The book consists of three parts and an introduction. The fairly substantial introduction lays out the problem and clarifies certain hermeneutical issues regarding Heidegger’s late work. Rather than giving up on the later Heidegger’s texts as ‘mystical’ or otherwise unintelligible, Keiling sees them as legitimate philosophical engagements with the history of being and the thingness of things – two strands of Heidegger’s thought he contends are intimately, though not obviously connected. The introduction also provides a synopsis of the themes developed throughout the book and locates them in a wider systematic context.
The first part, “Phenomenology and Ontology” is in some sense negative as it consecutively disentangles the notions of phenomenology and ontology as well as metaphysics. Here, as elsewhere in the book, Keiling doesn’t proceed chronologically in his reading of Heidegger’s texts but aims to present a coherent argument drawing from sources after (and including) Being and Time. In §1 Keiling establishes Heidegger’s topological analysis of the “end of philosophy” as a meta-theory or “overview” (108) of philosophy, where the end of philosophy does not mean its dissolution but rather the point at which philosophy can look back on its history and uncover the historicity of ontology. Famously Heidegger holds that throughout the course of philosophical thought, being has been understood in different ways, where each specific way of understanding being, namely each ontology, constitutes an “epoch”; Descartes and Kant are prime examples of the epoch of the object or objectification, in which being is equal to being an object.
§2 accordingly contains a discussion of Heidegger’s notion of “epoch” and how it is related to Husserl’s notion of “epochê”. One result of the discussion is that while it is presupposed that different ontologies all conceptualise the same topic (being) or answer the same question in different ways, this assumption of a unitary common theme is in need of an argument without which “the unity of Being [across ontologies] remains speculative.” (123)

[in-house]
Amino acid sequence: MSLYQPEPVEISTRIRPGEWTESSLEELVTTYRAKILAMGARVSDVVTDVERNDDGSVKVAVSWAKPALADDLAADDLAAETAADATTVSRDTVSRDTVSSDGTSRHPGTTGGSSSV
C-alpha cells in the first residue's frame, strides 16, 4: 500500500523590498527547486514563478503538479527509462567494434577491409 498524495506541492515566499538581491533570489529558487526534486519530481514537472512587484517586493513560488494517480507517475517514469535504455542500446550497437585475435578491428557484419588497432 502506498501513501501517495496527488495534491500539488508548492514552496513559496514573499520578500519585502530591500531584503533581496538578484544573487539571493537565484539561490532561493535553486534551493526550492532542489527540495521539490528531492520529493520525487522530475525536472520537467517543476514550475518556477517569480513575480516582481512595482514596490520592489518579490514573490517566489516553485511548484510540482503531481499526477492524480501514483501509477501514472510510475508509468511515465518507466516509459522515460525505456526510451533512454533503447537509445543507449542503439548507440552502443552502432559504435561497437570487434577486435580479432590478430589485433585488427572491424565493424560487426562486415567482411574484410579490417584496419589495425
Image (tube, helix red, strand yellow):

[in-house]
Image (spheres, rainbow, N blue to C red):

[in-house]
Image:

That issue leads Keiling to discuss different ways of posing the so-called “question of being” in §3. While what Heidegger calls the “guiding question” calls for a concrete, totalising answer of the form “being is …, therefore all beings are …”, which then constitutes an epoch in the history of being, the “basic question” opens up a pre-ontological, i.e. phenomenological discourse (137). Whenever we understand the question of being as a guiding question and accordingly supply an answer to it, we remain intra-epochal. Extra-epochal and therefore pre-ontological access to the appearance of things is possible only through the basic question, which does not require any answer in the sense of a concrete ontology but, reversely, makes it possible to translate different answers to the guiding question into a common language.
The relation between the basic question and phenomenological accounts of the subject matter of philosophy is the topic of §4. While earlier phenomenologists have simply predefined the “matter of thinking” (Sache des Denkens) by answering the guiding question, thus subscribing to a specific ontology, Heidegger leaves the matter of thinking open by posing the basic question. The basic question disallows philosophy to settle on any specific definition of being and it also prevents philosophy from any claims about being as a totality of beings. If we understand ontology as the business of defining being (or existence) and metaphysics as the effort to think the totality of being, the basic question uncouples philosophy from both ontology as well as metaphysics.